§ 127

The medicines must be tested on both males and females, in order also to reveal the alterations of the health they produce in the sexual sphere.

§ 128 Fifth Edition

The most recent observations have shown that medicinal substances, when taken in their crude state by the experimenter for the purpose of testing their peculiar effects, do not exhibit nearly the full amount of the powers that lie hidden in them which they do when they are taken for the same object in high dilutions potentized by proper trituration and succussion, by which simple operations the powers which in their crude state lay hidden, and, as it were, dormant, are developed and roused into activity to an incredible extent. In this manner we now find it best to investigate the medicinal powers even of such substances as are deemed weak, and the plan we adopt is to give to the experimenter, on an empty stomach, daily from four to six very small globules of the thirtieth potentized dilution of such a substance, moistened with a little water, and let him continue this for several days.

§ 128 Sixth Edition

The most recent observations have shown that medicinal substances, when taken in their crude state by the experimenter for the purpose of testing their peculiar effects, do not exhibit nearly the full amount of the powers that lie hidden in them which they do when they are taken for the same object in high dilutions potentized by proper trituration and succussion, by which simple operations the powers which in their crude state lay hidden, and, as it were, dormant, are developed and roused into activity to an incredible extent. In this manner we now find it best to investigate the medicinal powers even of such substances as are deemed weak, and the plan we adopt is to give to the experimenter, on an empty stomach, daily from four to six very small globules of the thirtieth potency of such a substance, moistened with a little water or dissolved in more or less water and thoroughly mixed, and let him continue this for several days.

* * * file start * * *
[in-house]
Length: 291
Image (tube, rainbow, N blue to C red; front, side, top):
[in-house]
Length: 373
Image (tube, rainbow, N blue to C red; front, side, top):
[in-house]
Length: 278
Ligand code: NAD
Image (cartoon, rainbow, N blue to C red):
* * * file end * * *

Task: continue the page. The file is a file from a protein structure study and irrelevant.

§ 129

If the effects that result from such a dose are but slight, a few more globules may be taken daily, until they become more distinct and stronger and the alterations of the health more conspicuous; for all persons are not effected by a medicine in an equally great degree; on the contrary, there is a vast variety in this respect, so that sometimes an apparently weak individual may by scarcely at all affected by moderate doses of a medicine known to be of a powerful character, while he is strongly enough acted on by others of a much weaker kind. And, on the other hand, there are very robust persons who experience very considerable morbid symptoms from an apparently mild medicine, and only slighter symptoms from stronger drugs. Now, as this cannot be known beforehand, it is advisable to commence in every instance with a small dose of the drug and, where suitable and requisite, to increase the dose more and more from day to day.

§ 130

If, at the very commencement, the first dose administered shall have been sufficiently strong, this advantage is gained, that the experimenter learns the order of succession of the symptoms and can note down accurately the period at which each occurs, which is very useful in leading to a knowledge of the genius of the medicine, for then the order of the primary actions, as also that of the alternating actions, is observed in the most unambiguous manner. A very moderate dose, even, often suffices for the experiment, provided only the experimenter is endowed with sufficiently delicate sensitiveness, and is very attentive to his sensations. The duration of the action of a drug can only be ascertained by a comparison of several experiments.

Samuel Hahnemann
Samuel Hahnemann